GREENWOOD – A controversial land ordinance will not go to the annual town meeting, but it may return at a special meeting later.

Selectmen voted unanimously Tuesday not to place the land management standards ordinance on the warrant for the March 28 meeting.

However, the board also unanimously accepted a petition from resident Alan Hamilton asking for the ordinance to be placed on the warrant. Selectmen have 60 days to respond to the petition, and could bring the ordinance to a special town meeting.

The stated purpose of the ordinance is to implement the standards of the town’s comprehensive plan, conserve natural resources, provide for orderly growth and promote public health and safety. Chairwoman Loretta Mikols said the 37-page ordinance would replace the current document, less than a page in length, which mainly addresses lot sizes and building heights.

The ordinance and Hamilton’s petition drew comments from a standing-room-only crowd. Several criticized the document as vague and restrictive.

“The ordinance, throughout the whole thing, is very subjective,” resident Nancy Stearns said. “I think it would be irresponsible to move forward with it at this point.”

David DeGruttola, a forestry consultant, said the town did not follow the Maine Forest Practices Act in creating the ordinance because officials did not consult a professional forester before drafting it.

The ordinance sets development standards, as well as guidelines for applications and appeals. It creates districts for the Locke Mills village, general growth, woodland and resort development.

It establishes overlay districts for Greenwood Road and ridgelines and hills. It states that the purpose of the first overlay district is to maintain the “visual qualities and appearance of development” on the road, which passes several lakes and is canopied by trees.

Under the ordinance, structures would have to be set back at least 75 feet from the road and no tree clearing could occur within 60 feet of the road except for safety purposes and selective cutting of smaller trees.

The ridgeline overlay seeks to preserve the “scenic and ecological resources” of the town’s ridges and slopes. It states that no development can occur on “the tops of significant ridgelines” unless several standards are met, including that all structures be on slopes of less than 15 percent grade. The ordinance also states that development on the ridges and slopes must blend in with the landscape.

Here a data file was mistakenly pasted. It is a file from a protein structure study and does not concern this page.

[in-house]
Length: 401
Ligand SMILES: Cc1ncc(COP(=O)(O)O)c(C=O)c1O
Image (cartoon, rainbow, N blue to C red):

Resident Brian Dunham said the ordinance would devalue properties in the town and is not compliant with Greenwood’s terrain. He said it was being pushed forward by a special-interest group.

“All you people come in from across the damn border and put up your ordinances,” Dunham said. “Don’t come to us and say you want to take our rights away from us.”

Hamilton said he did not have any agenda in supporting the ordinance.

“I’m not going to excuse myself for working so darn hard on something for the people of Greenwood,” he said.

Some residents spoke in favor of putting the ordinance on the warrant. Resident Henry Stewart said amendments could be made to the ordinance to address any problems after a vote.

“We’ve had very few problems, at least over the past couple of years,” Stewart said.

Resident Betsey Foster said a land management ordinance was needed to make sure development is done correctly and to give the Planning Board a basis from which to work.

Board Chairwoman Mikols said she was concerned that the ordinance might not be legal or defensible and needed more work before it could go to vote.



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